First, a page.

that order, although it had been discontinued. The fact that it was
clearly a state order, and that it fell into disuse for so long before
being resurrected by one claimant, makes it a little odd.

The other order (Saint George) is a dynastic order which passed by
inheritance in the 18th c. to the founder of the Two Sicilies dynasty.
It continued to be bestowed when the dynasty lost its throne, and is
now bestowed separately by each rival claimant. This doesn't raise
my eyebrows too much: without prejudging the dispute between the
two claimants, the right to bestow that order is part of the claim.

--
François R. Velde
ve...@nospam.org (replace by "heraldica")
Heraldica Web Site: http://www.heraldica.org/

Guy Stair Sainty

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Nov 24, 2003, 3:46:32 PM11/24/03
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In article <bptcoi$sg2$1...@e250.ripco.com>, Francois R. Velde says...

Not entirely; there are two separate claims - the one to being the
representative of the House of Borbon-Farnese, a dignity that descends
by male primogeniture after being vested in the Infante D. Carlos,
duke of Parma, afterwards King of Naples and Sicily, and confirmed
by papal bull of 1738. When he abdicated the Neapolitan Crown in 1759
he retained the Constantinian Grand Magistery, abdicating this ten days
later by naming his son "primogenito legittimo farnesiano" - a delegation
of the right of representation also confirmed by the Pope. Papal con-
firmation was important because the succession to the Constantinian Grand
Magistery was laid out in 2 papal briefs (1699 amd 1706) and a bull of
1718. In 1796 the continued separation was confirmed in a royal decree
which confirmed the separation of the two dignities - the Crown and the
Grand Magistery, each of them (as the decree stated) governed by their
own laws. They had different succession systems, the one semi-salic, the
other exclusively salic with continued representation in the Bourbon-
Parma line, while the Neapolitan throne (or claim) would pass to the nearest
dynastic princess (or her heir male) of the last male descendant of Charles
III. Thus they may be compared with Great Britain and Hannover, which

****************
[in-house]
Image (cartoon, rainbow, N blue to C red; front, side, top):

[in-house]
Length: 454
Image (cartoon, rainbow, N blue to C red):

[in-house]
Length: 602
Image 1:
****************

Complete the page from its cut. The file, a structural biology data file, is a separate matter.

while united from 1700-1837 were then separated (more or less the same
period of time in which the Constantinian Grand Master also reigned in
Naples). Until 1929 the Constantinian Order functioned much as the Order
of Malta, without the claim to sovereignty, with a Cardinal Protector
appointed by the Pope and professed knights. Since that date the Papacy
has not appointed Protectors (a post no longer existing anyway), although
it did approve by placet the nomination of Monsignor Prince George of
Bavaria as Grand Prior (he was murdered by the nazis while holding this
post).

The senior primogeniture heir is the inheritor of both claims; and has
considered the Order of Francis I, as did his two predecessors and the
most junior princes of the Two Sicilies to be extinct. As a state merit
award for science, industry, the arts, etc, it has no relevance at all today.
The junior line claimant cannot be the representative of the Borbone-Farnese
under any reasonable interpretation of the succession; his Two Sicilies claim
depends upon the supposed validity of the act of Cannes of 1900.

The attempt to tie the two together goes back to 1962 when the then
junior line claimant, Prince Ranieri, changed the statutes of the
Constantinian Order to permanently tie the Constantinian Grand Magistery
to the headship of the House. This was a recognition of the total lack
of merit in the claim to the former.

Guy Stair Sainty
www.chivalricorders.org/index3.htm